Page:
Shoo the Flu: Senior and Caregiver Flu Prevention Tips

October 1, 2019

Flu season can be especially hard on older adults. Use these tips to stay healthy and keep a senior loved one safe too.

Cup of Tea

Younger people often consider the flu to be more of an inconvenience than a serious health concern, which really isn’t the case. The influenza virus can be deadly, especially for older adults. According to the Centers for Disease Control and Prevention, seniors account for as much as 85 percent of flu-related deaths and up to 70 percent of hospitalizations.

While receiving the flu vaccine is one of the best ways to avoid being bitten by the bug, there are other steps seniors and caregivers can take to stay healthy.

Flu Prevention Tips for Seniors and Caregivers

1. Limit personal contact

The flu virus can pass from one person to another very easily. A handshake, a hug, or sharing the same drinking fountain can put you at risk for catching the virus. This is especially true for older adults or people with a chronic health condition that causes the immune system to weaken. One way to avoid the virus is by limiting personal contact during flu season. A big smile and warm greeting can convey your happiness about seeing someone without putting you at risk.

2. Wash your hands often

Developing good hand-washing hygiene can help you keep the flu at bay. The virus can linger on doorknobs, credit card readers, and other public locations. Wash your hands with hot, soapy water throughout the day. For times when you won’t have access to hot water and soap, keep a small bottle of alcohol-based hand sanitizer in your purse or pocket.

3. Avoid touching your face

A quick scratch on the side of your nose, pushing the hair off of your face, rubbing tired or irritated eyes; if you’ve been exposed to the influenza virus and have it on your hands, these often unconscious actions put you at risk of developing the flu. Most people don’t realize how many times they touch their face throughout the day. Try to make a conscious effort to keep your hands away from your face during flu season.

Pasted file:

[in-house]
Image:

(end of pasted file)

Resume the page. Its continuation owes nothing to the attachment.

4. Sleep seven to nine hours every night

Sleep is an important—but often overlooked—component of a healthy lifestyle. Lack of sleep can cause the immune system to weaken. When this happens, the body has to struggle more to fight off viruses. Health professionals say most adults need between seven and nine hours of sleep each night. If you are one of the many seniors who struggle with insomnia, talk to your doctor. There may be an underlying health condition that can be treated.

5. Commit to eating a healthy diet

A well-balanced diet is another must when it comes to keeping the immune system healthy and able to fight off viruses. A diet rich with vegetables, fruit, and lean protein is best. If you aren’t sure how to plan healthy menus, the online resource Choose MyPlate offers a variety of helpful tools.

On Guard for Flu Symptoms

Despite your best attempts at preventing the flu, you might find yourself or a senior loved one coming down with the flu. Call your physician immediately when the first flu symptoms appear. There are antiviral medications physicians can prescribe to help lessen the severity of symptoms and shorten the length of time you are sick. They must be started at the first sign of the flu to be effective, so don’t delay calling the doctor.

Live Well at Legacy Senior Living

At Legacy Senior Living communities throughout the southeast, healthy living is a focus every day. From nutritious meals to on-site wellness programs, we make it easier for residents to live their best quality of life. Call the Legacy community nearest you to learn more!